Viewpoints | May 15,2021
Sep 10 , 2021
By Asegid Getachew
The world is reeling from the disastrous effects of climate change. Globally, an estimated 51 billion tonnes of greenhouse gasses are emitted into the atmosphere every year. Disasters such as floods, wildfires, tsunamis and famines have now become a common phenomenon. And not a single day passes by without some horrific climate change-related incident happening in some part of the globe.
Environmental issues have become major concerns for nations, organisations and individual consumers. Consumers, for instance, have become more environmentally conscious. They make an informed choice regarding the environmental impact of the items they are buying. They also select buyers based on the extent of their engagement and care for the environment.
An estimated 66pc of global consumers are willing to pay more for a product deemed environmentally safe. Among millennials, that number jumps to 72pc. Such actions of consumers should have somehow forced organisations to consider the issue of the environment seriously. But it did not.
Companies are responding through the practice of “Greenwashing,” an attempt to build a positive image regarding environmental engagement while, in reality, their actions are adversely damaging it. Close to 95pc of companies who claim to be “greener” hide behind what is known as “The Sins of Greenwashing,” according to Terra Choice, a private marketing and environmental consultancy based in Canada.
There is the “sin of the hidden trade-off," committed by suggesting a product is “green” based on an unreasonably narrow set of attributes without attention to other important environmental issues. "Sin of no proof" is where they commit by an environmental claim that cannot be substantiated by easily accessible supporting information or by a reliable third-party certification. The "sin of vagueness" helps them make claims that are poorly defined or broad that its real meaning is likely to be misunderstood by the consumer, while the "sin of irrelevance" allows them to make an environmental claim that may be truthful but is unimportant or unhelpful for consumers seeking environmentally preferable products.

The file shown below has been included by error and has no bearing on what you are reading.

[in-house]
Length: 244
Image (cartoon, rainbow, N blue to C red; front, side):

Then there is the "sin of lesser of two evils," committed by claims that may be true in a narrow impact, but that risk distracting the consumer from the greater environmental impacts of the category as a whole. The "sin of fibbing" is making claims that are simply false and the "sin of worshipping false labels" is committed by a product that, through either words or images, gives the impression of third-party endorsement where no such endorsement actually exists.
There are countless firm-level cases of greenwashing throughout the world. The most famous one was committed by Volkswagen, one of the worlds largest car manufacturers.
“For all our products and mobility solutions, we aspire to minimise environmental impacts along the entire lifecycle – from raw material extraction until end-of-life – to keep ecosystems intact and to create positive impacts on society," reads Volkswagen's environmental mission statement. "Compliance with environmental regulations, standards and voluntary commitments is a basic prerequisite of our actions”.
They also brag about how their products are built to meet low emission requirements. However, investigations made by regulatory bodies in 2016 revealed that some brands of vehicles had been fitted with a “defeat device” that is purpose-built to escape emission tests. The system was designed to meet the stringent emission requirements and standards when the regulatory bodies in a laboratory check the engine. However, the system enters into a different mode when the car is on the road. In this setting, the car's performance gets enhanced and it starts to emit more greenhouse gases than the one registered in the laboratory.
An estimated total of elven million cars were fitted with the “defeat device.” Volkswagen lost billions of dollars in recalls, refittings and regulatory fines.
Companies like Volkswagen may benefit from the practice of greenwashing in at least two ways. Primarily, they enjoy the competitive position they garner in the name of environmental engagement. The additional cost associated with designing products and production systems to meet emission requirements also becomes lower. However, the combined effect makes the future of the world very uncertain.
Companies should start embracing the concept of sustainability. They should not prioritise their short-term profitability and growth objective over the growth needs of the future generation. Regulatory bodies should also enact strict rules and procedures regarding environmental issues. Their action should deter and weed out environmentally unsafe products and companies and encourage those who are sustainable in their practice.
Consumers should also play their own role by delegitimising companies whose products and manufacturing practices are at odds with the environment. It is only through such coordinated actions that the safety of the future generation is ensured.
PUBLISHED ON Sep 10,2021 [ VOL 22 , NO 1115]
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